You will need to consider s. 14 if you are assessing legislation, a policy or a program where it:

  • promotes a particular religion or set of beliefs;
  • restricts or interferes with a particular religion or set of beliefs;
  • requires someone to disclose his or her religion or belief;
  • affects an individual’s ability to adhere to his or her religion or belief;
  • impinges upon or disadvantages a person because of the person’s opinions, thoughts or beliefs on a matter;
  • attempts to regulate conduct that will affect some aspect of a person’s worship, observance, practice or teaching of his or her religion or belief;
  • subjects conduct that is required or encouraged by an individual’s religion or beliefs to criminal penalties or fines;
  • places an individual in a position where he or she must choose between demonstrating a belief or participating in society;
  • prohibits or limits a person’s capacity to teach his or her religion or to attempt to convince others by appropriate means to change their religion;
  • requires certain types of conduct that may conflict with a person’s religion or beliefs;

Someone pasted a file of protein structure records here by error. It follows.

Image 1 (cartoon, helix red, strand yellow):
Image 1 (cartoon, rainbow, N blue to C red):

• compels certain acts that may be inconsistent with a religion or set of beliefs;
  • sets dress codes (possibly for safety or hygiene reasons) that do not accommodate religious dress;
  • relates to the drafting or application of planning laws in a manner that may make it difficult to establish or operate a place of worship;
  • imposes requirements as a condition of receiving a government benefit that prevents a person from adhering to his or her religion or belief;
  • restricts the capacity for those under state control (for example, prisoners) to comply with the requirements of their religion;
  • requires school children to learn about particular religions or beliefs or to be taught materials that might have the effect of undermining their religious beliefs.


These policy triggers are not comprehensive.